Prof. Pinto summoned as expert on Ahr/Erft flood event in July 2021

Prof. Joaquim Pinto appears as an expert witness in the investigation committee of the NRW state parliament on the Ahr/Erft flood event in July 2021.

In the context of the parliamentary inquiry regarding the flood disaster at the rivers Ahr and Erft in July 2021, the ninth session of the investigation committee of the NRW state parliament took place on January 14, 2022, to which Prof. Dr. Joaquim G. Pinto (IMK-TRO) was summoned as an expert witness on this day.

During over two hours of questioning, the main focus laid on the predictability of the enormous rainfall amounts that triggered the flood catastrophe [1]. The extreme rainfall amounts of between 100 and 150 mm/day caused severe flooding in western Germany as well as in neighboring parts of Belgium, Luxembourg and the Netherlands on July 13 and 14, 2021, resulting in more than 180 fatalities and property damage of well over 10 billion euros in Germany alone. New record discharges and water levels were reached during the event e.g., on the Ahr River [2]. Prof. Dr. J. Pinto reported “Enormous rainfall amounts of that magnitude (up to a quarter of the mean annual precipitation) had already been forecast for western Germany by the German Weather Service (DWD) forecast models on July 12th, even though the regions / river basins at risk could not be precisely delimited at that time” [3]. "In the early afternoon of July 13th, the focus of heavy precipitation could be narrowed down to the border area between North Rhine-Westphalia and Rhineland-Palatinate." However, a precise prediction of which valleys will be affected in an area like the Eifel is only possible three to six hours before the event. "It is and remains a political decision whether and when to warn and evacuate the population given the local uncertainty of the forecast" said Pinto.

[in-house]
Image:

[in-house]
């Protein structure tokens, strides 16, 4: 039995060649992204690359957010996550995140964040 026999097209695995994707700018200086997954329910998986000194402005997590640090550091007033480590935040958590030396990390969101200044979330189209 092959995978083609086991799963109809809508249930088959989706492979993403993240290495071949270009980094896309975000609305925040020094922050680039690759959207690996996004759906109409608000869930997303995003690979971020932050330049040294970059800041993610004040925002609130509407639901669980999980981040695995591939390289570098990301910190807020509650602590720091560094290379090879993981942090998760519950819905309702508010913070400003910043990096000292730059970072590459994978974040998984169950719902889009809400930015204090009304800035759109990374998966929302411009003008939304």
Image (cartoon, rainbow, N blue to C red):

Destruction in Bad Münstereifel

With his research group at IMK-TRO, Prof. Dr. J. Pinto has studied various meteorological extreme events including extreme rainfall as well as the influence of climate change on such events. Prof. Dr. J. Pinto is currently researching such questions within the framework of the joint project ClimXtreme [5], which is funded by the German Federal Ministry of Education and Research. Within the framework of the ClimXtreme project, a statement was issued regarding the current event [6]. The event is an excellent example for central questions of the project, which are (i), to what extent has climate change already led to more extreme weather events and (ii) whether future climate change will alter the characteristics of extreme weather events (so-called attribution research [6]).

Several working groups at IMK-TRO [7] are involved in various research projects on the targeted observations, predictability and impact of extreme events as well as the question how climate change affects such events. Such research results contribute to a better understanding of the physical processes leading to extreme events and provide new insights into characteristics, variability and change of extreme events under future climate conditions.







Patrick Ludwig and Hendrik Feldmann, AG “Regional Climate and Weather Hazards”